The boyfriend of a California woman whose 10-year-old son died last week under suspicious circumstances – and following a dozen referrals of suspected child abuse over several years – was arrested on Wednesday on suspicion of murder, sheriff’s officials said.
Kareem Leiva, 32, was arrested in the death of Anthony Avalos after an interview with Los Angeles County sheriff’s detectives Wednesday. The arrest came one day after county child-welfare officials revealed that the boy had previously reported being beaten, locked up and not fed.
The Los Angeles County Department of Children and Family Services said in a statement Monday that the boy came out as gay just weeks before his suspicious death. Brandon Nichols, deputy director of the agency, said that Avalos “said he liked boys” but did not elaborate further, the Los Angeles Times reported.
Sheriff's deputies were called to a home in Lancaster, in the high desert Antelope Valley north of Los Angeles, on June 20 after Anthony's mother called 911 to report that he had fallen down the stairs. Deputies found him unresponsive in the home and he died at a hospital the next day.
The boy's mother, Heather Barron, and Leiva — her boyfriend and the father of some of her other children — were both questioned by homicide detectives and Leiva was arrested Wednesday afternoon. The boy's mother has not been arrested and is not facing any criminal charges.
On Wednesday, detectives noticed that Leiva had a previous injury – a laceration on his chest they believed was self-inflicted – and required medical attention. He was expected to be held on $2 million bail once he’s medically cleared.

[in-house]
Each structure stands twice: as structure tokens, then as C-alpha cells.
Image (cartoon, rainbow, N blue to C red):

"During the course of their interview, suspect Leiva made statements that led detectives to arrest him," Los Angeles County Sheriff Jim McDonnell said. He declined to elaborate.
McDonnell said the extent of the boy's injuries was "grossly overstated" by child welfare officials and told reporters that detectives did not find cigarette burns on Anthony's body. He declined to provide specific details of the boy's injuries until an autopsy is finalized.
“What you’ve heard there is not accurate based on what our detectives have seen,” McDonnell said.
After Anthony's death, child welfare officials removed eight other children — between 11 months and 12 years old — from the home. They are being cared for by county child welfare workers, officials said.
Child welfare officials said Anthony had been removed from his home for several months when some of the reports of abuse were substantiated. He was returned after family members received in-home counseling, the agency said.
The agency said it confirmed two allegations involving sexual abuse when Anthony was four but the case was closed when it was determined that his mother was properly caring for him. The last referral regarding Anthony was in April 2016 alleging general neglect, but the allegations were deemed unfounded, officials said.
The Associated Press contributed to this report.